China said it will sanction 11 Americans in retaliation for similar measures imposed by the US on Friday, but the list doesn’t include any members of the Trump administration.

Those sanctioned include Senators Marco Rubio, Ted Cruz, Tom Cotton and Pat Toomey; Congressman Chris Smith; Human Rights Watch Executive Director Kenneth Roth; National Endowment for Democracy President Carl Gershman; and Michael Abramowitz, the president of Freedom House, Chinese Foreign Ministry spokesman Zhao Lijian told a briefing in Beijing on Monday.

“In response to the US’s wrong behaviours, China has decided to impose sanctions on those individuals who behaved badly on Hong Kong-related issues,” Zhao said. He did not specify what the sanctions would entail.

China last month announced separate sanctions against US officials including Rubio and Cruz, in what was seen as a mostly symbolic attempt to retaliate over America’s steps to punish Beijing for its treatment of ethnic minorities in Xinjiang. Roth was refused entry to Hong Kong in January, after months of pro-democracy protests rocked the city.

Hong Kong’s benchmark Hang Seng Index rose 2.1% on Tuesday morning, with casinos and Tencent Holdings Ltd. among the top performers. The gauge had slumped for three sessions, ending Monday at the lowest since June 29.

Asked about China’s latest sanctions on Monday, President Donald Trump said “we’ve already responded in many ways.”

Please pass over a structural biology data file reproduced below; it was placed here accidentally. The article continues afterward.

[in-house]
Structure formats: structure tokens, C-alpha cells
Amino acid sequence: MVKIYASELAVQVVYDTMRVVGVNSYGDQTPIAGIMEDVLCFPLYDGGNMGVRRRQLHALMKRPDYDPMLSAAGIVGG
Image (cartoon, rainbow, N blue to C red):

“We’re talking a lot about China, we shouldn’t have been talking about China -- we did a phase one deal and it was a wonderful deal and all of the sudden it means very little in the overall import of things,” he said at a briefing. “They should’ve never allowed what happened to the world, including us.”

Beijing in December had pledged sanctions on some rights organizations hit on Monday including HRW, Freedom House and the National Endowment for Democracy, after President signed a law supporting Hong Kong’s protesters.

The US said Friday that it was placing sanctions on 11 Chinese officials and their allies in Hong Kong, including Chief Executive Carrie Lam, over their roles in curtailing political freedoms in the former British colony.

The others included Xia Baolong, director of the Hong Kong and Macau Affairs Office of China’s State Council, and Chris Tang, commissioner of the Hong Kong Police Force, which has come under global criticism for tactics used against pro-democracy protesters.

Lam was sanctioned because she is “directly responsible for implementing Beijing’s policies of suppression of freedom and democratic processes,” the US Treasury Department said in announcing the sanctions.

White House Press Secretary Kayleigh McEnany declined to say whether Trump administration is planning to respond to China’s sanctions.

“Instead of taking meaningful actions such as immediately repealing the national security law, and stopping the systematic repression of Uighurs, the Chinese Communist Party opted to respond with this symbolic and ineffectual action,” McEnany said.

Treasury Secretary Steven Mnuchin -- who has helped lead months of protracted trade talks with China -- said the US “stands with the people of Hong Kong and we will use our tools and authorities to target those undermining their autonomy.”